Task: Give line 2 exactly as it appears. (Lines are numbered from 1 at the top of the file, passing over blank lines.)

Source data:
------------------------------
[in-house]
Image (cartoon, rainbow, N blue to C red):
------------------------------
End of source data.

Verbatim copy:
Image (cartoon, rainbow, N blue to C red):